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 Tips Técnicos:

1. Flexiona las rodillas al mismo tiempo que la pelota está botando hacia tu lado.

2. Cuando te prepares para golpear la pelota, tu raqueta debe estar en una posición mediante la cual las cuerdas se coloquen en la dirección que quieres que la pelota se dirija.

3. Utiliza las puntas de tus pies para tener un mejor balance durante el juego.

Tips Mentales: 

1. Durante el juego, nunca te preguntes “Qué estoy hacienda mal?”  Por lo contrario pregúntate, “Qué puedo mejorar?” 

2. Concéntrate en jugar “Buen tenis”, no necesitas preocuparte por jugar un “excelente tenis”.  Con esto quiero decir que es mejor jugar seguro – trata de ir por tiros que son efectivos y no tan arriesgados – no todos tus golpes tienen que ser “golpes ganadores”.

3. Mentalmente, enfócate en relajarte mientras corres y golpeas la bola, tu respiración es muy importante.  Prueba y mide tu respiración para que cada vez que golpees la bola también realices una exhalación profunda.

Tips Tácticos: 

1. El lenguaje corporal es crucial para vencer a tu oponente!  Pon atención a la forma en la cual te comportas dentro de la cancha, es muy importante proyectar seguridad en uno mismo – esta es una manera efectiva de intimidar a tu oponente.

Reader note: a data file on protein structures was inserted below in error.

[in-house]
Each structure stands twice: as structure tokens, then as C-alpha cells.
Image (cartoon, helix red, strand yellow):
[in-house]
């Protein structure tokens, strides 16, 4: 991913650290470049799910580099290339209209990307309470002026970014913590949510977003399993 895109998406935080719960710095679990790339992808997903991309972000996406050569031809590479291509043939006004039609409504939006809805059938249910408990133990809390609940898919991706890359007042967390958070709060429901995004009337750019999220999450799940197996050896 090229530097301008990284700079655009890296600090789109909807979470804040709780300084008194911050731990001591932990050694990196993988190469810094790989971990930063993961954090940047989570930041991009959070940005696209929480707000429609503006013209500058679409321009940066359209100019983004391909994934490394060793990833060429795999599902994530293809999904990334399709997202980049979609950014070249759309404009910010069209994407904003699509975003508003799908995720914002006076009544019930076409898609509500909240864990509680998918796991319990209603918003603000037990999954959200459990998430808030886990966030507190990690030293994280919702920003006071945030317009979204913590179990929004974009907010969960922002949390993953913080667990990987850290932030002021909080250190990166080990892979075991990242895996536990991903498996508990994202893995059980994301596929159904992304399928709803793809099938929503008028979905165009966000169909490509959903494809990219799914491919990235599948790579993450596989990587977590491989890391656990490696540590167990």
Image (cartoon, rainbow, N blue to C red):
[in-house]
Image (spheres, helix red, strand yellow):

2. Juega con estrategia.  Concéntrate en tus fortalezas y ataca las debilidades de tu oponente.

3. Utiliza el tiempo entre punto y punto para reforzar los puntos anteriores. Inmediatamente después de un punto dirige tu mirada hacia tus cuerdas y realiza una nota mental de lo que hiciste bien o mal durante el punto.

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Estos son excelentes tips prácticos que voy a implementar en mi juego de inmediato.  Si te gusta el tenia, o te gustaría aprender a jugarlo, te recomiendo que visites a Pablo Martínez en las canchas de Capella Pedregal.  Ya que además de ser un gran instructor, es una persona muy divertida!  Tu Asistente Personal estará feliz de agenda tu clase de tenis con Pablo.

Chef Rurik Salazar’s Tamales Nejos

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February 2nd marked a very popular holiday in Mexico, Candlemas day, or Día de la Candelaria.  At Capella Ixtapa we honored Mexican traditions by serving tamales.  But these weren’t just any tamales!  These were Executive Chef Rurik Salazar’s special Tamales Nejos!

They were absolutely delicious and, while I had never made tamales before, I simply had to learn how.  Chef Rurik agreed to teach me, ensuring me the process was simpler than I thought.  Indeed he was right and now I am sharing the recipe with you:

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Tamales Nejos Recipe

Masa or Tamal dough

  • 8 Tbsp of Corn Flour
  • 1 Tbsp of Vegetable Shortening
  • 1 pinch of Salt
  • N/A Water
  • Ashes of a tortilla

Mix the corn flour with the vegetable shortening, add water slowly and whisk it up until gets spongy, seasoning with the salt and the tortilla ashes.

Duck Tamales Nejos

  • 1 square of a plantain leaf (15 cm x15 cm)
  • 1 Tbsp of shredded duck breast
  • 1 date

Heat up the plantain leaf until it gets soft in a pan on a low flame.  In the middle of the leaf put the tamal dough and stuff it with the shredded duck and the date.  Wrap it like a candy, and steam for 18 minutes.  Garnish with some green mole or any kind of salsa.

 

Buen provecho!